Finding the right tools for DIY IVR

Organizations can now do more themselves to make changes and develop their IVR with powerful new tools spanning all phases of the IVR lifecycle. They do this in hopes of accelerating development time, increasing business agility and reducing contact center costs—with less reliance on external vendors. If you’re one of these companies, consider the different types of tools to make your staff DIY experts.
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Develop your IVR on your own with the help of the right tooling suite

Home improvement is big business for a simple reason that every homeowner knows well – every home ALWAYS needs something done. Whether they enjoy doing the work or loathe it, there’s no getting around it – continuing maintenance is always necessary. Homeowners have a choice with every fix – do it themselves or hire professionals. As countless TV shows illustrate, many people don’t want outside help and prefer to unleash their inner Chip Gaines and install their own shiplap (Oh yeah, I’ve seen Fixer Upper!)

This desire to do more themselves is also popping up in business when it comes to IVR improvement. More and more companies don’t want to hire vendors for changes. They see value in taking on the more everyday updates and fixes themselves. And regardless if it’s home improvement or IVR maintenance, both require the right tools for the job. Organizations must get the right gear for their enthusiastic DIY staff.

 

Opening the toolbox

Picking the right tool for any job is critical as one tool doesn’t fit all. Sure, you can pound a nail with the back of a screwdriver, but experience shows that typically results in bruised fingers. Consider choosing a mix of tools best suited to the IVR job.

IVR designAt the start of any job is planning and design work. IVRs need to be well planned out and then tested thoroughly. Design applications are like the ruler you use to measure twice and cut once for error-free design. Be sure to find a design application that offers automated code and test case generation. And ideally it will be platform-independent, which allows you to deploy with multiple vendors and platforms.

Testing – Everything that’s built must be tested. For homeowners the most common testing instrument is a spirit level. If the bubble isn’t in the middle, that shelf isn’t level and it doesn’t matter what your spouse says. IVR developers must also test their work and should look for tools that allow them to rapidly create and iterate IVR regression test cases and then automatically track that testing coverage based on revisions.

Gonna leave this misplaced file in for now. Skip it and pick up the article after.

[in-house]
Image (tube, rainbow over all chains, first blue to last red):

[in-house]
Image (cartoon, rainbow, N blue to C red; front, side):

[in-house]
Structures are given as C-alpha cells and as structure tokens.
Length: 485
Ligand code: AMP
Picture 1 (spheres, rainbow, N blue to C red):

Menu updates – After go-live, there will be changes to IVR menus and prompts. Consider a tool with a simple, user-friendly interface that allows users of all skill levels to quickly and easily make immediate changes to their production IVR, including prompt updates, emergency broadcasts, or seasonal messaging. Software that easily adjusts menus is like a good screwdriver that is easy to grab and fix that loose chair – you go to it quickly, and everyone knows how to use it. And it just does its job.

NLU development and tuning – Using Natural Language Understanding (NLU) in your IVR offers the highest possible experience for callers. The system recognizes what they ask for and provides intelligent responses. Building and updating NLU models requires tools that are easy to use, always at the ready, and perfectly suited for that job – like the reliable hammer. Hammers are great for hitting nails and they are versatile in that you can use them on wood, metal, or sheetrock. A great NLU tool must also support versatility. It must allow users to build and maintain one NLU model that works across IVR and digital channels—eliminating the need to maintain multiple NLUs. As an added bonus, if it’s easy to use, like the hammer, people will continuously choose it for everyday IVR improvements.

IVR maintenance and check-up – Appliances in our homes need monitoring and check-ups to ensure they are functioning properly. It’s the annual maintenance check on your furnace or water heater. IVRs need the same thing to test if menus are working properly and ensure customers aren’t getting bogged down in certain areas. To perform this type of check-up, companies must get a robust reporting and analysis solution that works continuously on the IVR. The solution can’t tell you they can’t come because they are booked solid for the next two months. It must provide a data-driven understanding of your IVR, highlight answers to important questions including where and why calls are being misdirected, and flag issues impacting containment rates, routing, handle time and satisfaction.

 

Filling the toolbox

Wow! That’s a lot of tools for organizations to add to a toolbox. Each one supports a different part of the IVR lifecycle for full coverage. When considering options, be sure to check out Nuance’s IVR Tooling Suite and see if it meets your needs. Any of these tools will empower employees and staff across the organization from IT to development to business analysts will unleash their inner DIY skills. Perhaps there is a Tim “The Tool Man” Taylor lurking in your company!

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Chris Caile

About Chris Caile

Chris Caile joined Nuance in September 2015 as senior solutions marketing manager for Nuance Conversational IVR (Interactive Voice Response). Before joining Nuance, Caile worked in various marketing and sales support positions at Microsoft and Motorola and has over 20 years of experience in the high tech industry. Caile holds a bachelor’s degree in business administration from Illinois State University with minors in mathematics and economics.